Friday, August 17, 2012
Of Squigs and Orcs: An excerpt from our Fantasy Campaign
It was hot.
A mosquito engorged itself on the blood of a drowsy fox who had found a spot of shade under a massive tree on the barren plain. The vivacious ichor flowed lazily from the penetrated skin of the sleeping animal, all the while its leg flinched at the thought of chasing a brown hare through a luscious field of grass. Skulls and bones of creatures littered the surrounding area under the ancient tree, the ground stained brown with gore that had been spilt under its branches. Each day a careless traveler would wander under its limbs, searching for shade, and each day the roots of the mighty tree feasted upon their remains. Its feral spirit yearned for the life essence of these invaders, trespassers into its sanctum. It had been planted by the things of legend, eons past, long before the desolation of war and famine had reached these lands. There were brothers and sisters that the tree deeply missed, standing alone in its kingdom of death. The pain of loss and fervent duty of protection had driven its spirit mad over the centuries it had stood guardian its ever dwindling siblings until only it remained. It blamed the ruthless creatures of man and orc for the demise of this once beautiful and innocent land. The images of destruction burned into the trees heart, consuming it with revenge and hatred towards the outsiders.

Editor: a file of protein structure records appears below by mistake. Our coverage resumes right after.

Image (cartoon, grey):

The crunch of aged bone, and the scampering form of the fox from its resting spot, snapped the tree from its contemplation, bringing its attention to the area of desert towards the north. Hulking figures rose over the knoll upon which the tree sat, brandishing cruel axes and mighty blades, howling and jeering at one another as they approached.
"Dis'un be fine wood fer da camp. Dry as a 'umies bones, what I be done wit 'im." The creature who spoke had a horribly scarred face, his left eye showed signs of old infection and lingering rot had eaten away some of his cheek, revealing the bone underneath. He walked with bravado, as if proud of his disfigured features, and had a great, spiky ax slumped across his shoulders.
"Old and rotten, 'tis. Be makin' a stink if'en we burn it, be makin' crud hut if'en we use its bits fer huts." The second orc was bulkier than the first, but at least a head shorter. His frame was more like that of a Lustrian ape than of an orc. He carried himself low, knuckles nearly grazing the ground as he moved his way towards the tree. A giant, sharp tooth jutted at a peculiar angle from his lower jaw, splitting his bottom lip where it pushed its way unnaturally outwards, as if beckoning someone to come closer to him.
"I's da biggest, an' I sez we gon' drop an' chop dis tree down." The first orc leered at the shorter one, nervously tapping his fingers across the haft of his ax.
"You be da biggest, Gazgut, but you isn't da thinkiest" growled the heavy-set orc, smiling a crooked smile. His split lip oozed a brackish puss where his drool mixed with the fungal agents of his body.